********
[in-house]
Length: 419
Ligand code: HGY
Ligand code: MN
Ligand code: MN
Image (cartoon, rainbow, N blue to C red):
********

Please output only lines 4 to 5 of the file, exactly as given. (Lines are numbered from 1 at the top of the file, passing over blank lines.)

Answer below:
Ligand code: MN
Ligand code: MN